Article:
Why I Want To Be More Of An Emotional Eater

I’ve told myself that I am an emotional eater for a very long time. It’s something that I’ve been ashamed of, an embarrassing habit that I’ve tried to quit. I tried replacing it with something, such as getting outside, calling a friend, playing piano, etc. I’ve tried “controlling” it, by tracking my food intake. I’ve tried to be more “mindful” and “present” with my food. And I’ve tried shifting my mindset, by attempting seeing food as merely fuel. But none of those things have ever dealt with the heart of the issue. And only recently, has my perspective changed on emotional eating. And so have my prayers.

In one sense we all are emotional eaters. We are emotional creatures, who must eat. And yet, there are some who would wish to reduce food down to simply being “fuel”. But food is not that simple. It is much, much, much more than fuel for our bodies. Eating is, in fact, worship.

God, Himself, first speaks of food in Genesis 1:29. Food is “given” by our Creator God. Food is a gift. No wonder we give thanks before every meal! Eating food is an opportunity to “Praise God, from whom all blessings flow!”.

In Chapter 2 we read further, “And out of the ground the LORD God made to spring up every tree that is pleasant to the sight and good for food. The tree of life was in the midst of the garden, and the tree of the knowledge of good and evil.”

Here, food is aesthetically pleasing. And, by all appearances, the food that hung from the tree of life and the food that hung from the tree of the knowledge of good and evil were both beautiful to behold. After creating these trees, LORD God commanded the man, saying “You may surely eat of every tree of the garden, but of the tree of the knowledge of good and evil you shall not eat, for in the day that you eat of it you shall surely die.”

Eating is an act of worship. Adam and Eve, were to trust the LORD God, by eating from every tree of the garden, except for the tree of the knowledge of good and evil. Choosing to eat from what God had provided and declared good for them, was an expression of worship, an expression of trusting in the goodness of their Creator and Provider. They had an opportunity to worship, every time they ate. They had an opportunity to glorify God, every time they ate. They had an opportunity to obey, every time they ate.

For Adam and Eve, what they ate revealed the state of their hearts. We live under The Age of the New Covenant, partaking in the body and blood of Christ until he returns, where all foods have been declared as “clean”. (Food for thought in an upcoming post;). The lives of Adam and Eve (Covenant of Creation), and those who were under the Old Covenant (before the first coming of Christ, were saturated with rules and regulations of what to eat and what not to eat. By this, they set themselves apart from the other nations, and expressed their allegiance to the LORD God. But even though we are under the New Covenant, where all food have been declared “clean”, we see that, regardless of which Covenant the people of God are under, food has never been divorced from worship. In the book of Revelation we find ourselves in the New Heavens and the New Earth, seated at His table “invited to the marriage supper of the Lamb” (Rev 19:9). Fast-forwarding to the very last verses of Revelation we read, “Blessed are those who wash their robes, so that they may have the right to the tree of life and that they may enter the city by the gates.” (Rev. 22:14).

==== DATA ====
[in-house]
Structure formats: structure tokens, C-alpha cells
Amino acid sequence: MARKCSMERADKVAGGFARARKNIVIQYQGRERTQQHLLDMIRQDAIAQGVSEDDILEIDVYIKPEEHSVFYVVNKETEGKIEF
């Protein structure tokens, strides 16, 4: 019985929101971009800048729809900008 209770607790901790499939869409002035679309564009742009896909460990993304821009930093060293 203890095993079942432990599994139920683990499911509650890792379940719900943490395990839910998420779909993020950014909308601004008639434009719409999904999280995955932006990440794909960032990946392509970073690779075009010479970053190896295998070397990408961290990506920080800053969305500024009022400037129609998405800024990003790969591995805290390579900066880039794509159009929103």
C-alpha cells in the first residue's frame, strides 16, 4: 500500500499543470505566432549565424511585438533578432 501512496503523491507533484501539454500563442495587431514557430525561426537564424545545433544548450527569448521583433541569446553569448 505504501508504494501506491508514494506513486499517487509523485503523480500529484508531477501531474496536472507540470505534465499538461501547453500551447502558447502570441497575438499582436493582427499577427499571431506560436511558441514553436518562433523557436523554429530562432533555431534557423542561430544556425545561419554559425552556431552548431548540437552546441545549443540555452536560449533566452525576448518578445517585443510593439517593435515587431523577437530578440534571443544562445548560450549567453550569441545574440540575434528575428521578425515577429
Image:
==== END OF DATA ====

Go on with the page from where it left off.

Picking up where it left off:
Eating matters. It impacts things. And while the restriction of certain foods has been lifted for us who live under the New Covenant, our call to worship at the table has not. Food impacts more than just our physical bodies. And, if we think that food is just fuel, we are missing out.

For so long I’ve thought my problem was with emotional eating. But it isn’t. My problem has been that I am far-to easily pleased with my petty, self-centered emotions (as C. S. Lewis. points out.) We are created for more than this.

No one can eat for you. Only you can eat for you. In eating, we have an opportunity to give thanks to the One who created us for His own glory. “Oh taste and see that the LORD is good! Blessed is the man who takes refuge in him!” (Ps 34:8). Let our eating be filled with emotion, overflowing with thanksgiving to the One, who created us to emotionally enjoy Him, the One who longs to fulfill our every and deepest longing with Himself.

With these emotions, let us eat!

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